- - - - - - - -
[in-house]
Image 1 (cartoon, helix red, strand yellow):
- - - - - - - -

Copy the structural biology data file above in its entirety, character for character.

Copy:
[in-house]
Image 1 (cartoon, helix red, strand yellow):